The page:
With temperatures and heat indexes spiraling out of control this summer, it's everyone's responsibility to know the dangers of heat and how it can affect your body. For instance, when you receive notification that the "black flag" is out, why does this happen and what does it mean?
Hot conditions put your body under a lot of stress. Physical activity stresses the body even more. When heat is combined with physical activity, loss of fluids, fatigue, and other conditions can lead to a number of heat-related illnesses and injuries. Death is even possible.
Heat stress is commonly associated with warm weather. It's true that warm weather increases the number of heat-stress injuries and illnesses. Warm weather isn't the only cause of heat stress, though. Heat stress can occur any time the surrounding temperature is elevated. Even if the weather is cool, you may work in warm areas, indoors or out. Be alert for conditions which could cause heat stress and take precautions to prevent it.
Six main factors are involved in causing heat stress:
- movement of air
- radiant temperature
of the surroundings
- physical activity
Adjusting to these factors and/or controlling them reduce the chance of heat stress
There are a number of types of heat stress injuries. Some are annoying but not very serious. Others can quickly lead to life-threatening situations. Knowing what to look out for is important. This is especially true because the more serious heat stress conditions cause the victim to become disoriented and unaware of their condition. People who are overweight, physically unfit, suffer from heart conditions, drink too much alcohol or are not acclimated to the temperature are at greater risk of heat stress and should seek and follow medical advice.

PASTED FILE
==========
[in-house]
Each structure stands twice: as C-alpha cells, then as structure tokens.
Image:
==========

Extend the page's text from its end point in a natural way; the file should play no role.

The major heat stress injuries and illnesses are described here:
Heat Rash is caused by a hot, humid environment and plugged sweat glands. It is a bumpy red rash which itches severely. It is not life-threatening but is very annoying. Dry clothes that help sweat evaporate will reduce the chance of heat rash. Washing regularly and keeping the skin clean and dry will help prevent heat rash.
Heat Cramps are painful muscle cramps caused by a loss of body salt through excessive sweating. To help prevent heat cramps, drink plenty of non-alcoholic, caffeine-free fluids while working in a hot environment. Check with your doctor about the use of salt tablets. They may be recommended in some cases. Anyone suffering from heat cramps should be watched carefully for signs of more serious heat stress. If the cramps persist or other symptoms develop, seek medical attention immediately.
Heat Syncope (pronounced "sin-co-pay") is sudden fainting caused by a reduced blood flow to the head. The victim's skin will be cool and moist and their pulse will be weak. Immediate medical attention is needed in the event of syncope.